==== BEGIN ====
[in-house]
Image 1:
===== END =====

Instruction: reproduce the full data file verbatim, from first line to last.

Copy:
[in-house]
Image 1: